Cheré Dastugue Coen
Krewe of Porches keeps Mardi Gras alive in Ocean Springs, Mississippi
Carnival parades, balls and other festive but crowded activities have been canceled in New Orleans and throughout the Gulf South due to the COVID pandemic. But one Ocean Springs, Miss., resident is not facing Ash Wednesday without a fight.
This Carnival season — which extends from Jan. 6 to Mardi Gras, Feb. 16, 2021 — Heather Denison of Ocean Springs formed the Krewe of Porches, where instead of floats parading by homes and businesses, visitors and families will parade themselves by decorated porches and storefronts. Residents and businesses in this charming Coastal Mississippi town will decorate their front porches and building facades in Mardi Gras attire and the public will walk or drive around Ocean Springs enjoying the participating “porches” as laid out on a map. The public will then select favorites by voting through social media and prizes will be awarded.
Funds raised through Krewe of Porches will support art scholarships for children through the Walter Anderson Museum of Art (WAMA) and the Friends of Arts, Culture & Education (FACE) in Ocean Springs. Krewe of Porches is a partnership between the Friends of Arts, Culture & Education (FACE), Historic Ocean Springs Association (HOSA), the Ocean Springs Chamber of Commerce, the Public Art Project of Ocean Springs (PAPOS), and the Walter Anderson Museum of Art.
“I read an article about a creative, Covid-friendly way that Krewe of Red Beans in New Orleans was embracing the lack of parades while also supporting local artists by hiring them to decorate porches,” said Denison in a press release. “We’re so fortunate in Ocean Springs that we have strong arts and cultural entities such as WAMA and FACE. I’ve long supported both their scholarship programs and thought we could adapt this idea for Ocean Springs as a fundraiser that would benefit art for area youth while keeping the Mardi Gras spirit alive.”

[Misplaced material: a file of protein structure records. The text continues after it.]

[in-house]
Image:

“Changes in plans, like those we’ve experienced over the past year, are also opportunities for inventiveness," said Julian Rankin, director of the Walter Anderson Museum of Art. "We’re excited to be a part of this creative adaptation to celebrate the Mardi Gras season with our partners and community.”
For more information about the event, visit the Krewe of Porches Facebook page, or contact the Ocean Springs Chamber of Commerce at (228) 875-4424.
There are similar porch-front Mardi Gras celebrations happening throughout The Secret Coast. The Coastal Mississippi Mardi Gras Museum is hosting a Yardi Party Decoration Contest for residents of all three coastal counties, and Hancock House Floats is offering prizes to residents and businesses of Hancock County with the best Carnival decorations.
If you live in Gautier, Pascagoula or Moss Point, Miss., you can even send your loved ones a Mardi Gras special by ‘Rouler’-ing their front yard. Learn more here.
Looking for more coastal Carnival cravings? Here are some suggestions from Coastal Mississippi tourism:
Start your day with a Mardi Gras Latte at Jacked Up Coffee Bar in Biloxi.
Enjoy a pint of Chandeleur Island Brewing Company’s King Cake Ale in Gulfport, or savor a King Cake Martini at Half Shell Oyster House inside Hard Rock Hotel & Casino in Biloxi.
Book a Mardi Gras picnic through Coastal Picnic & Company. Pick your preferred picnic-style from one of four options, choose your add-on options such as gourmet cupcakes or a boho lace teepee, pick your spot and let their talented team do the rest.
Ever since the Gulf Coast Carnival Association hosted Biloxi’s first parade in 1908, Mardi Gras has become an iconic part of the culture of Coastal Mississippi. Relive the excitement with a visit to the Coastal Mississippi Mardi Gras Museum in Biloxi. The museum features costumes, photographs and memorabilia from the Coast’s 113 years of Mardi Gras celebrations.
Add a trip to the Bay Saint Louis Mardi Gras Museum to your itinerary. Rated the Best Free Attraction in Mississippi by Love Exploring, the museum is located inside the Bay Saint Louis Historic L&N Train Depot and explores the history of Mardi Gras celebrations in Hancock County. Be sure to check out the beautiful display of rotating costumes from over the years, largely featuring the all- female mystic society Krewe of Nereids.
Weird, Wacky & Wild South is written by travel writer and author Cheré Coen, who adores Carnival and didn't hesitate to try on a queen's mantle at the Bay Saint Louis Mardi Gras Museum. If you love Carnival too, check out her "Carnival Confessions" romantic novella under the pen name of Cherie Claire.